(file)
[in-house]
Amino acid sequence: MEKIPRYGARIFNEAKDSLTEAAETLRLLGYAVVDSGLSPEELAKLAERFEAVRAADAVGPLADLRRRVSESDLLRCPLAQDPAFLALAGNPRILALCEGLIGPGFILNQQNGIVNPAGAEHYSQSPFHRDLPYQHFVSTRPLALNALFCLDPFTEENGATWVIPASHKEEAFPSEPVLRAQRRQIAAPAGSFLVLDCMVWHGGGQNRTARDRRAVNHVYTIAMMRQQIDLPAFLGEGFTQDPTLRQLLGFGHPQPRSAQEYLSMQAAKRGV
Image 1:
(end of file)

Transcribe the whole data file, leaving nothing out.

[in-house]
Amino acid sequence: MEKIPRYGARIFNEAKDSLTEAAETLRLLGYAVVDSGLSPEELAKLAERFEAVRAADAVGPLADLRRRVSESDLLRCPLAQDPAFLALAGNPRILALCEGLIGPGFILNQQNGIVNPAGAEHYSQSPFHRDLPYQHFVSTRPLALNALFCLDPFTEENGATWVIPASHKEEAFPSEPVLRAQRRQIAAPAGSFLVLDCMVWHGGGQNRTARDRRAVNHVYTIAMMRQQIDLPAFLGEGFTQDPTLRQLLGFGHPQPRSAQEYLSMQAAKRGV
Image 1: